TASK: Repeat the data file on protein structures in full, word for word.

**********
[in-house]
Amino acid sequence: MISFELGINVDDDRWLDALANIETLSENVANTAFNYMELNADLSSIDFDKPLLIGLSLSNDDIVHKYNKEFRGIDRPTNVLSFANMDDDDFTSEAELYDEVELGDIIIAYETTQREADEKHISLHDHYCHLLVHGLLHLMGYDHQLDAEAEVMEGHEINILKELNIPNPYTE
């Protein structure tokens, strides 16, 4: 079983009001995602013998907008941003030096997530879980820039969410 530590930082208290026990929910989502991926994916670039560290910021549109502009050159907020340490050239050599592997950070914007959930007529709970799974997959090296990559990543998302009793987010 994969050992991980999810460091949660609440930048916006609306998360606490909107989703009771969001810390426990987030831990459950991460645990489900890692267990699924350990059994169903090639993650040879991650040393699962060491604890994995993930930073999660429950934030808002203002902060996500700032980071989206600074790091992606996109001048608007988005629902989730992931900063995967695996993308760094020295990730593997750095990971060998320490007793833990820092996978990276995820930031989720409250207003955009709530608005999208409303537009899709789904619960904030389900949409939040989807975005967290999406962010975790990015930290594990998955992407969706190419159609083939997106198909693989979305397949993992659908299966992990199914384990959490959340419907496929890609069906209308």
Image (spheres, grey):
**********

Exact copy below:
[in-house]
Amino acid sequence: MISFELGINVDDDRWLDALANIETLSENVANTAFNYMELNADLSSIDFDKPLLIGLSLSNDDIVHKYNKEFRGIDRPTNVLSFANMDDDDFTSEAELYDEVELGDIIIAYETTQREADEKHISLHDHYCHLLVHGLLHLMGYDHQLDAEAEVMEGHEINILKELNIPNPYTE
């Protein structure tokens, strides 16, 4: 079983009001995602013998907008941003030096997530879980820039969410 530590930082208290026990929910989502991926994916670039560290910021549109502009050159907020340490050239050599592997950070914007959930007529709970799974997959090296990559990543998302009793987010 994969050992991980999810460091949660609440930048916006609306998360606490909107989703009771969001810390426990987030831990459950991460645990489900890692267990699924350990059994169903090639993650040879991650040393699962060491604890994995993930930073999660429950934030808002203002902060996500700032980071989206600074790091992606996109001048608007988005629902989730992931900063995967695996993308760094020295990730593997750095990971060998320490007793833990820092996978990276995820930031989720409250207003955009709530608005999208409303537009899709789904619960904030389900949409939040989807975005967290999406962010975790990015930290594990998955992407969706190419159609083939997106198909693989979305397949993992659908299966992990199914384990959490959340419907496929890609069906209308």
Image (spheres, grey):